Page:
biology  medicine 
5 weeks ago
Spiders Can Fly: This Is How And When They Take Off | Tech Times
Scientists figure out the step-by-step process involved when the spiders float in the wind in search for food or for a new home.

Many spiders, big or small, engaged in a behavior called "ballooning" where they tend to fly on the wind for hundreds of kilometers to search for a mate or find another place to colonize. While ballooning has been a subject of numerous scientific studies before, the current study dissected how exactly the spiders take off from their point of origin.
biology 
5 weeks ago
The court’s decision to let AT&T and Time Warner merge is ridiculously bad - The Verge
T and Time Warner won a historic court victory this week, convincing Judge Richard Leon in the US District Court for the District of Columbia that they should be able to merge over the antitrust objections of the Department of Justice. The deal, now finalized, combines one of the world’s largest telecom carriers with one of the world’s largest media organizations. The resulting company will have unparalleled market power over both content creation and distribution.

The decision surprised almost everyone — not necessarily that AT&T and Time Warner had won, but that Judge Leon allowed the merger to go through with no conditions or prohibitions on their behavior at all. In fact, Judge Leon’s opinion seems downright excited for the two companies, while systematically discounting the government’s case at every turn. Honestly, it’s a little strange.
business  networking  law  usa 
5 weeks ago
Without coral reefs, annual flood damages from storms could double globally
Coastal development and climate change are increasing the risk of flooding for communities across the globe. Coral reefs, which provide a first line of defense against coastal flooding in countries around the world, are being lost rapidly. A new study investigating how much people and property are protected by coral reefs, and what is at stake if our reefs are lost, shows that coral reefs cut the cost of all flood-related damages around the world in half.
ecology 
5 weeks ago
Macedonia reaches name change deal with Greece | CNN Travel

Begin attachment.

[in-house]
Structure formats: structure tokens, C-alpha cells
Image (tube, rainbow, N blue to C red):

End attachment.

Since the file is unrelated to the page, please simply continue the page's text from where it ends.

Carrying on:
The Balkan nation will hold a popular vote in a referendum later this year to officially change its name to the Northern Republic of Macedonia. The move is part of a plan to resolve longstanding tensions between the country and its neighbor to the south, Greece.
geography  politics 
5 weeks ago
California Voters Will Decide Whether To Split The State In Three This November
If approved by voters and Congress, the state would be divided into three new states: Northern California, California, and Southern California.
usa  politics  law 
5 weeks ago
The Supreme Court Upholds Ohio's Voter-Purge Law - The Atlantic
A 5–4 decision gives the green light for states to use aggressive methods to remove voters from the rolls, a process that disproportionately affects minority communities.
usa  law 
5 weeks ago
Konstantin Kilimnik: Manafort Aide Is Mueller's 'Person A' - The Atlantic
n the early years of the century, as Paul Manafort made his way across Moscow and Kiev, he was followed by a diminutive man. With a generous slackening of the tape, the man measured just above 5 feet. This made for a striking contrast in physical frames, because Manafort and his expansive shoulders crowd a room. It also made the pair an almost slapstick spectacle. But over time, Manafort and the smaller man, his aide-de-camp, began to converge in appearance. The aide started to dress like his boss, buying expensive suits cut in a similar style. He would mimic his mentor’s habits, using the same car service to shuttle through the cobblestone streets of the Ukrainian capital in the same model BMW. He would come to earn the title “Manafort’s Manafort.”
uselection2016  people  russia  ukraine 
5 weeks ago
Obamacare mandate unconstitutional Trump administration declares
The Trump administration declared that it no longer will defend the Affordable Care Act from a challenge filed by 20 states because it agrees that the law's individual mandate is unconstitutional and that key parts of the act — including the provisions protecting those with pre-existing conditions — are invalid.
usa  health  law 
5 weeks ago
Engadget: Google Assistant fired a gun: We need to talk
A timely video raises urgent questions about setting boundaries for AI.

For better or worse, Google Assistant can do it all. From mundane tasks like turning on your lights and setting reminders to convincingly mimicking human speech patterns, the AI helper is so capable it's scary. Its latest (unofficial) ability, though, is a bit more sinister. Artist Alexander Reben recently taught Assistant to fire a gun. Fortunately, the victim was an apple, not a living being. The 30-second video, simply titled "Google Shoots," shows Reben saying "OK Google, activate gun." Barely a second later, a buzzer goes off, the gun fires, and Assistant responds "Sure, turning on the gun." On the surface, the footage is underwhelming -- nothing visually arresting is really happening. But peel back the layers even a little, and it's obvious this project is meant to provoke a conversation on the boundaries of what AI should be allowed to do.
ai  arts 
7 weeks ago
noyb.eu – My Privacy is none of your Business
Privacy à la “take it or leave it”? The new General Data Protection Regulation (GDPR) which came into force today at midnight is supposed to give users a free choice, whether they agree to data usage or not. The opposite feeling spread on the screens of many users: Tons of “consent boxes” popped up online or in applications, often combined with a threat, that the service cannot longer be used if users do not consent. One the first day of GDPR noyb.eu has therefore filed four complaints against Google (Android), Facebook, WhatsApp and Instagram over “forced consent”.